We want to be focused with on critical tasks and make the best, most efficient use of our time. Instead, we get distracted, we procrastinate, and we wind up getting too absorbed by unimportant aspects of a single project when we'd be better off turning our attention to other things. Fortunately, there is a very simple strategy that has been proven to help us deal effectively with the distractions.
It's called if-then planning. Making if-then plans to tackle your current projects, or reach your goals, is probably – without exaggerating – the most effective single thing you can do to ensure your success.
This is a very simple formula: If X happens, then I will do Y.
IF - is a situation that could lead to falling off your change plan. X can be a time and place, like Monday at 9 a.m., or it can be an event like the arrival of the dessert menu at a restaurant. For example, a dieter might easily fall off their plan in a buffet line laden with cheeses and casseroles and breads and desserts.
THEN - Y is the specific action you will take whenever X occurs. The dieter's then might be that they'll only choose vegetables and lean meats. They could even plan to choose fruit when they reach the desserts. They prepared their mind to know how to manage the event before it even happened.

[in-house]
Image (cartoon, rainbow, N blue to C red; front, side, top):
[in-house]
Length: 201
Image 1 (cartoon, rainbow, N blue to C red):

So considering delaying important work, the formula will be: "If it is 9am, then I will start working on this project". If I want exercise more, my formula is: "When it is Monday or Thursday 5.30pm, I go to gym to work out for an hour". If I want to find time for writing this blog, I say: "When it is Thursday afternoon, I spend time writing a new story".
Well over 100 studies, on everything from diet and exercise to negotiation and time management, have shown that deciding in advance when and where you will take specific actions to reach your goal can double or triple your chances for success.
Our habits can prove to be the most difficult thing to change. However this technique is simple for our brain, because this is how our brain is wired: it understands the language of contingencies. Deciding exactly when and where you will act on your goal creates a link in your brain between the situation or cue (the if) and the behavior that should follow (the then).
The situation or cue "5 p.m. at work" becomes then highly activated. Below your awareness, your brain starts scanning the environment, searching for the situation in the "if" part of your plan. Lastly, once the "if" part of your plan happens, the "then" part follows automatically. You don't have to consciously monitor your goal, which means your plans get carried out even when you are preoccupied.